Preprint Article Version 1 Preserved in Portico This version is not peer-reviewed

Evaluation of Protection Level and Safety of Commercially Available Snorkel Masks as Personal Protection Devices against Aerosolized Contaminants and SARS-CoV2

Version 1 : Received: 21 May 2020 / Approved: 23 May 2020 / Online: 23 May 2020 (10:18:39 CEST)
Version 2 : Received: 28 June 2020 / Approved: 30 June 2020 / Online: 30 June 2020 (07:43:58 CEST)

How to cite: Germonpre, P.; Van Rompaey, D.; Balestra, C. Evaluation of Protection Level and Safety of Commercially Available Snorkel Masks as Personal Protection Devices against Aerosolized Contaminants and SARS-CoV2. Preprints 2020, 2020050368 (doi: 10.20944/preprints202005.0368.v1). Germonpre, P.; Van Rompaey, D.; Balestra, C. Evaluation of Protection Level and Safety of Commercially Available Snorkel Masks as Personal Protection Devices against Aerosolized Contaminants and SARS-CoV2. Preprints 2020, 2020050368 (doi: 10.20944/preprints202005.0368.v1).

Abstract

Introduction: The SARS-CoV2 pandemic has led to an worldwide shortage of Personal Protection Devices (PPD) for medical and paramedical personnel. Adaptation of commercially available snorkel masks to serve as full face masks has been proposed. Even not formally approved as PPD, they are publicized on social media as suitable for this use. Concerns about actual protection levels and risk of carbon dioxide (CO2) accumulation while wearing them for extended periods made us perform a systematic testing of various brands, in order to verify whether they are as safe and effective as claimed. Methods: A “fit” test was performed, analogous to gas mask testing. Respiratory safety was evaluated by measuring end-tidal CO2 and oxygen saturation while wearing the masks in rest and during physical exercise. Masks were tested with 3D adaptors to mount regular bacterial-viral ventilator filters when available, or with snorkel openings covered with N95/FFP2 cloth. Results: Modified masks performed reasonably well on the fit test, comparable to regular N95/FFP2 masks. Not all ventilator filters are equally protective. For all masks, a small initial increase in end-tidal CO2 was noted, remaining within physiological limits. 3D printed adaptors are safer, have more flexibility and reliability than makeshift adaptations. Conclusions: These masks can offer benefit as a substitute for complete protective gear as they are easier to don and remove and offer full-face protection. They may be more comfortable to wear for extended periods. Proper selection of mask size, fit testing, quality of 3D printed parts and choice of filter are important.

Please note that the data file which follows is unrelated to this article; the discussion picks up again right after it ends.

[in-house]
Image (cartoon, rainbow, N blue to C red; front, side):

Subject Areas

SARS-CoV2; personal protection devices; snorkel masks; safety test

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